“Love your problems, because consciously or not, as an adult you pick them.”
I caught a bit of Colin Cowherd’s show on ESPN the other day. Cowherd was using Tiger Woods, as well as other elite athletes, as an example of what it takes to be successful.
Here is a snippet of what Cowherd said:
“Tiger is now a better human thus Tiger is a worse golfer. For 20 years the best athletes: the Tigers, and Kobes, and Peyton Mannings and MJs are selfish, and they have to be. You can’t be a 9 to 5 guy, best Dad in the world, there for your wife every night and be the best in the world at anything. What often makes the best athlete would make a terrible human. The most balanced people I’ve ever met who have got their family and job and relationships and social life just perfectly coordinated are never ever the most successful people. To be a great Dad you gotta give stuff up. And to be the best golfer, you gotta be manic.”
Cowherd went on about this for a while; trying to make the point that in order to be extremely successful in your field the rest of your life must suffer. He referenced the book “Outliers” by Malcolm Gladwell and Gladwell’s 10,000 hours theory. Gladwell basically states and gives supporting evidence that in order to become an absolute expert in whatever you’re doing, you must clock in 10,000 hours at the task. Cowherd concluded from this that there is no way you would be able to maintain relationships or any sort of balanced life because there simply wouldn’t be enough time. (Even though Gladwell’s theory is 10,000 hours over a lifetime.)
One will be successful in life in whatever one chooses to be successful in. It’s all about your priorities. If you’re a hard working businessman and building a hugely successful business is one of your goals in life, then you will work hard to make sure that goal is achieved. If you also have the goal of having a partner in life and raising children with that partner, then you will also make that task a priority in your life. One can work hard at more than one task; the question is does one want to? Is it a priority for them?
I remember a few years ago, after a Christmas Eve football game I was standing in the parking lot with Quarterback Philip Rivers. Rivers said, “Alright, gotta get home and put together a swing set.” He just won a nationally televised NFL game. He wasn’t going out to celebrate at the strip club with his friends. He was going home to put together his children’s Christmas gifts. Because he decided that he wanted to have a family, and he makes the success of that family a priority in his life. Sure, other guys on the team probably went out to celebrate, and that’s fine, because maybe they didn’t decide to have families, maybe they have a different priority: having a good time, celebrating, etc. I’m not saying what’s right or wrong in this situation, all I’m saying is that we all have choices. And we can be successful at whatever we choose if we truly make it a priority.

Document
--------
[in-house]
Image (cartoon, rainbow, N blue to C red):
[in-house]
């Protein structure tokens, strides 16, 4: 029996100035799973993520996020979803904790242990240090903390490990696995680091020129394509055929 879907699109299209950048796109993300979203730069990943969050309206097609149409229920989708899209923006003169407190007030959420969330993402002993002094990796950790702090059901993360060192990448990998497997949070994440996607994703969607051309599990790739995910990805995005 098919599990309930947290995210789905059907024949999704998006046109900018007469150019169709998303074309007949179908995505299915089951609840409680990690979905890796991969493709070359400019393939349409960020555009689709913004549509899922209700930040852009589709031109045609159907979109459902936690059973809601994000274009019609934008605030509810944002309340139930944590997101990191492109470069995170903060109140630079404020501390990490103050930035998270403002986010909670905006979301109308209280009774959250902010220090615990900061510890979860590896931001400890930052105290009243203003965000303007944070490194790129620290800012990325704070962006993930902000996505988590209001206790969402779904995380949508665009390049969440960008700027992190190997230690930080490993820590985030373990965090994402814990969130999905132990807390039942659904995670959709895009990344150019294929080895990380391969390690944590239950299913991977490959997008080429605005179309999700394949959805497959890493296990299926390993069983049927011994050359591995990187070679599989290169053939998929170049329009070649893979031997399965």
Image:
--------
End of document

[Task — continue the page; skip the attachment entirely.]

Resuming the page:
I love the book “Outliers.” I think it’s fascinating the way Gladwell breaks down the achievements of several successful people and points out the common themes to their success. (If you haven’t read it, you definitely should.) However, I don’t think that just because you dedicate a huge portion of your life to pursuing a specific career that your personal life must suffer. It certainly can suffer…I think we’ve all seen or heard enough examples of celebrities’ lives falling apart.
Yes, a ton of time and energy given to one task or pursuit will most definitely leave you with little time to spare. Of course you may miss out on certain events in the lives of your loved ones: after school activities, soccer games, recitals. But showing up for your child’s soccer game isn’t the definition of being a good parent. It takes a lot more than that.
I believe that people choose their lives. We’re all born into different circumstances out of our control, but as adults we choose our lives. So when a super successful person is not able to maintain a meaningful relationship it’s because THEY didn’t choose to. THEY didn’t choose to make it a priority. If a priority in your life is to live with integrity and have respect for others, then ALL of your relationships will have those qualities present in them; from your relationship with your spouse to your relationship with the guy that works at your local Starbucks. It’s all about priorities and desires.
I don’t think we should be spreading the idea that in order to be extremely successful in your profession, you must treat the people in your life horribly and everything else in your life must be manic. So… we’re basically telling young people, who dream of huge success, that they should prepare to have awful personal lives because they’ll only really have enough time to focus on their golf swing?